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Wildcats could use more me-first play from Derrick Williams

Derrick Williams

A big man driving from the perimeter with his left hand? It's all part of what makes Derrick Williams so hard to defend.
Photo by Chris Morrison, US-PRESSWIRE

Arizona Wildcats sophomore forward Derrick Williams says it’s not in his personality to be selfish. That’s nice. Now start being selfish.

If selfish means he can be more like the player he was Thursday night — 31 points, 12 rebounds and one kick-butt attitude — then that is selfish the Wildcats can live with.

“It was great to see him kind of make that next step,” coach Sean Miller said after the 73-71 win at McKale Center.

“His personality is so unassuming, but there was a time in the game tonight where I really felt like he said, ‘Hey, get on my back, I’m going to win this game.’ You shoot 22 free throws and 12 field goal attempts, you’re really going to work on offense.

“That was the biggest story of the game — his great individual performance willed us to a win.”

More, please.

If opponents are playing zone against Arizona because they are afraid to challenge Williams in man-to-man — that is what Miller suggests is happening — then his UA teammates have to be relentless in trying to get him the ball. And Williams needs to be relentless in asking for it.

Even if it makes him a big jerk.

Especially if it makes him a big jerk.

As TucsonCitizen.com’s Javier Morales points out, Arizona’s reliance on Williams is not at historic levels at the school. Hey, there’s still time to get it up there. Any possession in which he doesn’t touch the ball is a wasted possession.

Williams took 12 field goal attempts vs. Cal and was fouled so often that he shot a school-record 22 free throws. That’s the thing. Miller has talked, especially this week, about how clever Williams is as an offensive player, able to use both hands to dribble and score, inside and outside.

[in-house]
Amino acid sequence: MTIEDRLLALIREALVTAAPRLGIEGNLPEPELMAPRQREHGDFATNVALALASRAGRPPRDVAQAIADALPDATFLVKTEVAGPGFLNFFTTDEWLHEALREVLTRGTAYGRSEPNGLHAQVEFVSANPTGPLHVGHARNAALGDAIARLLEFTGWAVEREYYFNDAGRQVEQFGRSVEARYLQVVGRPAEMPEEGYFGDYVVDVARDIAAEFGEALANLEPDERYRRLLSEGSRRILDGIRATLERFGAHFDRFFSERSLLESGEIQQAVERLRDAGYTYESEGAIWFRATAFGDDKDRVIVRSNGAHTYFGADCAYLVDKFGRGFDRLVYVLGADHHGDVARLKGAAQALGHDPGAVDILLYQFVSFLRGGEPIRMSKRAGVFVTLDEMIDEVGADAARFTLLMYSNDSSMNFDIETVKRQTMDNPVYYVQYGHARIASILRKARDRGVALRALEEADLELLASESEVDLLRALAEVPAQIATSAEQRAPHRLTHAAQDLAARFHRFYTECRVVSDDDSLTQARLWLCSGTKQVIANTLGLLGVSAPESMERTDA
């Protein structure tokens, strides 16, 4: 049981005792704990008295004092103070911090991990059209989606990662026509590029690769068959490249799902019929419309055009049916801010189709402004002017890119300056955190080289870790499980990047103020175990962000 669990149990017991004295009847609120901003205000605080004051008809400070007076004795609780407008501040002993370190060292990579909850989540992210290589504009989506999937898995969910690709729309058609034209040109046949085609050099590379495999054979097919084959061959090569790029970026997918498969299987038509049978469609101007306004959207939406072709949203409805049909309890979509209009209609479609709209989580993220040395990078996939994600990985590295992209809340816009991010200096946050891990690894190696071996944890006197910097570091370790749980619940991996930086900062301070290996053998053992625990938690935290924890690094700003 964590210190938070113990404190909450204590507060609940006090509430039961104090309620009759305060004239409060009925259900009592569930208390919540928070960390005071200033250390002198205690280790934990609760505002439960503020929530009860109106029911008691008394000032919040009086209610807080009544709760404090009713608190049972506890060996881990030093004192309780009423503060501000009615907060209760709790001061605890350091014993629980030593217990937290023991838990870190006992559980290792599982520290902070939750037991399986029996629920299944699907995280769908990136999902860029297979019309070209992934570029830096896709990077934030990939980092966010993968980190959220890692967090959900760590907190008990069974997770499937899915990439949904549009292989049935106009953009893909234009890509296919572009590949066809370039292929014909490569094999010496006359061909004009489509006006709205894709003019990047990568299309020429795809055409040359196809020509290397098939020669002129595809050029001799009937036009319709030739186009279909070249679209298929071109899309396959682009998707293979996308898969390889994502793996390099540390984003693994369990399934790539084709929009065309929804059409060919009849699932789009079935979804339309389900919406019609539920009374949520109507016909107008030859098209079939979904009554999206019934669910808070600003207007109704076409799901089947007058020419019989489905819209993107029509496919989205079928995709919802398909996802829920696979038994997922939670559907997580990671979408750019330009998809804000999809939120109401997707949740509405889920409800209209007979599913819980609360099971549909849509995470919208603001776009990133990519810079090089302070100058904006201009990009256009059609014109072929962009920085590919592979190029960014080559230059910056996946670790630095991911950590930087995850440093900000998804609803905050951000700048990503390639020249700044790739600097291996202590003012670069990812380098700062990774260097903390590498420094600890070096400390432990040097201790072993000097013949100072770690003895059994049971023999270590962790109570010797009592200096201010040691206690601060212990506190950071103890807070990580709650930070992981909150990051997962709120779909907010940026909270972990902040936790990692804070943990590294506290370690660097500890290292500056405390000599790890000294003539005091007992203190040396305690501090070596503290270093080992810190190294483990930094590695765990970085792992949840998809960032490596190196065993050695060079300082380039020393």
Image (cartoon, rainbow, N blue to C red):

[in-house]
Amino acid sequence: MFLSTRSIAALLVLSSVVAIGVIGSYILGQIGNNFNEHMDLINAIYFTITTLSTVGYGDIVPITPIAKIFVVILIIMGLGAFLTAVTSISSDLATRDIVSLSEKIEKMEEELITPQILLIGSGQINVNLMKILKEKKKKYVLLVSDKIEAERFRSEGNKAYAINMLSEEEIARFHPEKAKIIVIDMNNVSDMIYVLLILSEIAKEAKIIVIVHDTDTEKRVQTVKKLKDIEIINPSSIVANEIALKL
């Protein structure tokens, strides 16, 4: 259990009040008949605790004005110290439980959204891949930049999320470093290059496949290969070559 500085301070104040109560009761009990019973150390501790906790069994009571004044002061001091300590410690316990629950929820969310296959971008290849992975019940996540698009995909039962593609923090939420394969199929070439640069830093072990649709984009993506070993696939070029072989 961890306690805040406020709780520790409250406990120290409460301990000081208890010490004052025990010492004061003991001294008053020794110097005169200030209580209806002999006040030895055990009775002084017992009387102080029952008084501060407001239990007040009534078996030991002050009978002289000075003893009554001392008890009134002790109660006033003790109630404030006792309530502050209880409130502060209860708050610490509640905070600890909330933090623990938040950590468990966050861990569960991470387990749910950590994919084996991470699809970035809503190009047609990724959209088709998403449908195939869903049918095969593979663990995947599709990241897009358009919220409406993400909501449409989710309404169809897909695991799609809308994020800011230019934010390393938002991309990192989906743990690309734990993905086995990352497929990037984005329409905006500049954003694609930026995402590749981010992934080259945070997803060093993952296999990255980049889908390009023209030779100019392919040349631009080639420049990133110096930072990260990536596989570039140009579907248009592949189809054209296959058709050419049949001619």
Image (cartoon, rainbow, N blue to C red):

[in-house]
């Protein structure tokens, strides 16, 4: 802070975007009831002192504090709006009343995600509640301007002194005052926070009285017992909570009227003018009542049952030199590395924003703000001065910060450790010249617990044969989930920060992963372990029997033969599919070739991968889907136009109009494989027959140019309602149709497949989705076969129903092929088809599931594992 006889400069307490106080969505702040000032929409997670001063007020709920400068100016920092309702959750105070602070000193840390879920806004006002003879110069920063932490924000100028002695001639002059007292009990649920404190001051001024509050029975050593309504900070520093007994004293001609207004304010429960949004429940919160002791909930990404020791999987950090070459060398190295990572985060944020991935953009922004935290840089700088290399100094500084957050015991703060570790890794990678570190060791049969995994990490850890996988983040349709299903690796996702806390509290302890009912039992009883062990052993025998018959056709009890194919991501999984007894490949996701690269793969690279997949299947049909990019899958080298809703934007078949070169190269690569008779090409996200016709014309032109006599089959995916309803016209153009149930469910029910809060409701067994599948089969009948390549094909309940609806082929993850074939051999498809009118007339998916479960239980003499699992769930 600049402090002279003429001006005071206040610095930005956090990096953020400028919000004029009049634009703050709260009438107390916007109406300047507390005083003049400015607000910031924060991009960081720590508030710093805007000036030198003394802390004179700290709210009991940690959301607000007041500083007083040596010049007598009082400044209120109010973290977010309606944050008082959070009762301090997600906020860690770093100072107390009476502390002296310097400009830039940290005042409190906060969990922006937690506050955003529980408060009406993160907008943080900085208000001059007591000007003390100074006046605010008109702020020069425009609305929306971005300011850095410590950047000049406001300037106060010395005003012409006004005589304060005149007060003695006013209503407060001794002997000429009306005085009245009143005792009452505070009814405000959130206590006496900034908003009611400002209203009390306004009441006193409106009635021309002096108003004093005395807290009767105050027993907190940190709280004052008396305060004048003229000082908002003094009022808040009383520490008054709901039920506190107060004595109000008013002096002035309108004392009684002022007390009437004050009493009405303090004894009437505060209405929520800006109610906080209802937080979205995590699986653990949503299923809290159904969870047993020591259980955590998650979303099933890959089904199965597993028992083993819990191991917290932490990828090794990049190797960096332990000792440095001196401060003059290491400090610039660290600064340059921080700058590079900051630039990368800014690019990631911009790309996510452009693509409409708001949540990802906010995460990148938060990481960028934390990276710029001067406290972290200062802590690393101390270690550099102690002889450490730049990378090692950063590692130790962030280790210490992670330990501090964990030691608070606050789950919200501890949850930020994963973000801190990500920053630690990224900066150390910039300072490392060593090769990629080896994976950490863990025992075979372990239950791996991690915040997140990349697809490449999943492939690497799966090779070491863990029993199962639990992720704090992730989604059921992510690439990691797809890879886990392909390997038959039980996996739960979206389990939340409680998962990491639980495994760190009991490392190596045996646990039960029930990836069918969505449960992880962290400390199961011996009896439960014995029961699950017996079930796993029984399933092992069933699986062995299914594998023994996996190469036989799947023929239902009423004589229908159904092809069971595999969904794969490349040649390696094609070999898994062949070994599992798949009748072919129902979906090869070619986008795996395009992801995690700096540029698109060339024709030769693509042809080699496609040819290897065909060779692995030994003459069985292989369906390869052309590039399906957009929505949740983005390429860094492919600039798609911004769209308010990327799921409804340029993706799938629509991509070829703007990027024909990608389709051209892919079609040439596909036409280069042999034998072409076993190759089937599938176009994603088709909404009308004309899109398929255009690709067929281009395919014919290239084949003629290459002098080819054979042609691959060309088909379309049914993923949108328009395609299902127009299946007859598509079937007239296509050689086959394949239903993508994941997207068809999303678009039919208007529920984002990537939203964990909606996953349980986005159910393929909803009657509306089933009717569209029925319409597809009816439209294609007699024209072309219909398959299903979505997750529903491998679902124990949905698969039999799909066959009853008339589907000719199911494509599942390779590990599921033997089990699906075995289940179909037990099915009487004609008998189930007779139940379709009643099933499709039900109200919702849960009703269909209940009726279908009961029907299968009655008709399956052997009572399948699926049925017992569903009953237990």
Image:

If he’s not stopping himself, how do you stop him?

Left, right, left, right … Williams just keeps marching on.

“I hate to use the term ambidextrous, because how many people really are,” Miller said.

“But I think if you watch him closely, he has a real gift of being able to shoot with both his right and left hand, dribble with both his right and left hand, and being able to pass with his left and right hand. …

“He’s got a huge, quick first step and he weighs 240 pounds. You put that all together … and you have a dynamic offensive player.”

But after the one-point loss at Oregon State on Sunday night, Miller had a talk with Williams on the bus ride to Portland. Sophomore forward Kevin Parrom had some words for Williams, too. The message was the same in both cases: Be more assertive. Be the dynamic player he can be.

Be more selfish.

“I’m not really a selfish-type person, but today I had to be a little selfish and put everybody on my shoulders and carry the team,” Williams said after the Cal game.

That’s what he needs to do, and it doesn’t mean he can’t be nice, too.

“With that said,” Williams added, “we hit big shots as well. Jamelle (Horne) hit two big threes. (Kyle) Fogg hit a big three as well. Without those shots, we don’t win.”

And without Williams playing like he did Thursday night, Arizona is going to win as much as it should.

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